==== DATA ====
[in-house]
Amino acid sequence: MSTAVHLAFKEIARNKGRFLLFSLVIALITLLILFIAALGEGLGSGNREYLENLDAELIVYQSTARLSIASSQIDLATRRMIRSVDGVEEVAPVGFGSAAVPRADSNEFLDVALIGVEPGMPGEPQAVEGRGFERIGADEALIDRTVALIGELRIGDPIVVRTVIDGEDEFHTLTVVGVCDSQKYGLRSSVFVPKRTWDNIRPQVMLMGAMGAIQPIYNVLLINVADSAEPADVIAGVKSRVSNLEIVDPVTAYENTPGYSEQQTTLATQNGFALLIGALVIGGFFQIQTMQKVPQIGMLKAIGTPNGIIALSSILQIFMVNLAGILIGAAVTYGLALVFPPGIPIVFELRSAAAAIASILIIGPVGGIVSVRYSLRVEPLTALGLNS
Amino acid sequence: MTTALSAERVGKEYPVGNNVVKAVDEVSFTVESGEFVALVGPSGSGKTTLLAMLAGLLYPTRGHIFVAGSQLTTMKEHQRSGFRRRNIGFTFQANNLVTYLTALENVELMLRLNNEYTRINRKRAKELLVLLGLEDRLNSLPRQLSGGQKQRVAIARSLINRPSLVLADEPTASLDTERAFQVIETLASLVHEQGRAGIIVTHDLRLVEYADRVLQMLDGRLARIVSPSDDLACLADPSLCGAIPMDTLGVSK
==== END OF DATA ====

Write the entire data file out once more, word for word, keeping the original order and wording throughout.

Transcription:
[in-house]
Amino acid sequence: MSTAVHLAFKEIARNKGRFLLFSLVIALITLLILFIAALGEGLGSGNREYLENLDAELIVYQSTARLSIASSQIDLATRRMIRSVDGVEEVAPVGFGSAAVPRADSNEFLDVALIGVEPGMPGEPQAVEGRGFERIGADEALIDRTVALIGELRIGDPIVVRTVIDGEDEFHTLTVVGVCDSQKYGLRSSVFVPKRTWDNIRPQVMLMGAMGAIQPIYNVLLINVADSAEPADVIAGVKSRVSNLEIVDPVTAYENTPGYSEQQTTLATQNGFALLIGALVIGGFFQIQTMQKVPQIGMLKAIGTPNGIIALSSILQIFMVNLAGILIGAAVTYGLALVFPPGIPIVFELRSAAAAIASILIIGPVGGIVSVRYSLRVEPLTALGLNS
Amino acid sequence: MTTALSAERVGKEYPVGNNVVKAVDEVSFTVESGEFVALVGPSGSGKTTLLAMLAGLLYPTRGHIFVAGSQLTTMKEHQRSGFRRRNIGFTFQANNLVTYLTALENVELMLRLNNEYTRINRKRAKELLVLLGLEDRLNSLPRQLSGGQKQRVAIARSLINRPSLVLADEPTASLDTERAFQVIETLASLVHEQGRAGIIVTHDLRLVEYADRVLQMLDGRLARIVSPSDDLACLADPSLCGAIPMDTLGVSK